The Western response to the election of Hamas as the new Palestinian
administration has been characterized by two interesting criteria. The
first has been the functional hypocrisy of demanding democratic
elections but then decrying their outcome. The second has been the
moral panic initiated at Hamas’ victory.

The Western response to Hamas’ victory is unsurprising, mostly because
international relations ‘realism’ rules. That is, democracy can be
promoted as desirable for one because of its inherent advantages, but
is only desirable for others if it produces outcomes that are also to
one’s advantage. Political virtue does not extend beyond one’s borders.

The moral panic that has been generated by Hamas’ victory could call up
criticism of the media, and while it may be entertaining to shoot the
messenger, the media has largely reflected a wider ill-informed
rhetoric.

Based on discussion with a senior Fatah figure just before the
elections, Hamas was expected to do well because it is a coherent
organization; it provides education and health facilities, it is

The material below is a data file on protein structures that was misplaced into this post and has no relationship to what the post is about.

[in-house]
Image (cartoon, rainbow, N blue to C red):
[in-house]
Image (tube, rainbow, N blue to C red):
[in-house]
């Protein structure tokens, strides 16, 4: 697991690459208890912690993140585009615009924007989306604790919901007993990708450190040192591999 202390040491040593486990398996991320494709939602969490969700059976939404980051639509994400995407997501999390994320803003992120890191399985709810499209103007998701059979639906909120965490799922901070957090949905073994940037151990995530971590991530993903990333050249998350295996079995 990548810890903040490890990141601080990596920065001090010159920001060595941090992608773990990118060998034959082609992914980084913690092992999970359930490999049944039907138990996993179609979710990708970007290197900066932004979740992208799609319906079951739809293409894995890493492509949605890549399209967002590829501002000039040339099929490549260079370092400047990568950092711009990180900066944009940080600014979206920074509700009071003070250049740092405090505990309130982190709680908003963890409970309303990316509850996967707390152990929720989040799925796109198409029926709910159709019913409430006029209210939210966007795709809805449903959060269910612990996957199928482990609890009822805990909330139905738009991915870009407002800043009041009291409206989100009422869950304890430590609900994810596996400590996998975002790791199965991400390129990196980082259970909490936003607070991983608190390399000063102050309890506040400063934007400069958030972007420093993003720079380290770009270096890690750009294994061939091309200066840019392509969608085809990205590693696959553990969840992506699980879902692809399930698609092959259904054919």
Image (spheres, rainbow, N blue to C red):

generally not corrupt, and it has a clear policy towards Israel –
ending the occupation of Palestinian territory. Fatah had none of these.

The main criticism of Hamas has been that it is a terrorist
organization and is committed to the destruction of the Israeli state.

Yet according to the Israeli government, there has been no Hamas attack
against Israel since April 2005, and Hamas claims it has not attacked
Israel for over 12 months, following its unilateral ceasefire. In this, it is worth
remembering that Fatah was once a terrorist organization, but came to
be the preferred dialogue partner in Middle East peace talks.

Once in government, ‘terrorist’ organizations tend to take on an
internationally legitimate character, considering the claims once made
against organizations that became the governments of Algeria, South
Africa, Mozambique and Angola. Even the United States’ ‘founding fathers’ were accused of crimes later
characterized as ‘terrorism’. In this, ‘terrorism’ is a method, not a
motive.

Hamas’ formal policy may lag behind a changing political reality, but
as a government its practical position towards Israel will necessarily
change. A non-state organization that attacks a state draws reprisals
upon itself and its supporters; a government that attacks another state
commits an act of war, and reprisals are against the territory as a
whole.

Hamas is therefore less, rather than more, likely to act against
Israel. In the interim, the moral panic over Hamas’ election is
unhelpful in understanding the changes that are taking place in the
Middle East. If anything, they are more likely to produce a negative
rather than positive response from this new actor in the international
community.

Peter Fray

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